We got a lot of good feedback from that program and were proud to be able to see our tickets that we spent real money on generate more than just their face value for the troops. Several people suggested that we do it again, but instead of just posting in the Hurricanes Swap Meet section of their fan forums, we asked the moderators for permission to post a notice of the event in their main board. This presumably would have generated a lot more traffic.
In short, they told us No. We wouldn't be allowed to post this offer, even in the swap meet. Frankly, why our organization offering tickets in exchange for people making donations is a violation of their TOS, while other people selling tickets for cash is not, is beyond me. But it's their forum, they can make whatever rules they want. It's a shame the troops will be waiting longer for their sauces because of the Cane's legal department.
One of the things that was said was that it couldn't be verified that the sauces were really going to the troops. Take a look at the Operation Sauce Drop Feedback page and think about how much money it would cost to fake those photos. How exactly do you get military people to pose with sauces in a helicopter as part of a hoax?
So instead of running another game, we're just going to sell our tickets for the Dec 28th game vs the Bruins and the New Year's Eve game vs the Islanders. I'm asking face value for the season ticket holder price of $75 each ($150/pair). These are section 103, Row K, seats 1 & 2. They're seven rows from the ice on the blue line at the end the Canes are on offense twice, behind the opposing team's bench. Frankly, you get a better view there than you do on the glass. These are Center Ice Premier seats, so you get access to the club level and The Deck, which will be an especially nice perk for the New Year's Eve game.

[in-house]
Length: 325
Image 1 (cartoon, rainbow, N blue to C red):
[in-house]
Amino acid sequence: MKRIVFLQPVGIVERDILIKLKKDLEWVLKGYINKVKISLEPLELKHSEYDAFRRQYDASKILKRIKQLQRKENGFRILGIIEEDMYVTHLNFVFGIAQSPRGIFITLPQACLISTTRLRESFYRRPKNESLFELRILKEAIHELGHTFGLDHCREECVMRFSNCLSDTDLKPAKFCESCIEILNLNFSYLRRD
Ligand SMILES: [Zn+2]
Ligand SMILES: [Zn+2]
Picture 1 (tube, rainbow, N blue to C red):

I'm going to donate the money to Operation Sauce Drop. First person to email me at grillinggreg at gmail dot com gets it.
Tuesday, November 27, 2007
Well, it wasn't just us. The story has hit the major news services. I've seen estimates that as high as 45,000 websites were down. Yahoo was gracious enough to post the following:
Some merchants are reporting that shoppers are receiving an error message indicating 'system unavailable' during the checkout process. We are aware of this issue and are currently investigating.Some forum posters have posited that Yahoo put "tweaks" into their production system a mere 2 weeks before the big day. As anyone with a background in software development can tell you, that's insane. Those production systems should have been frozen until after the holidays.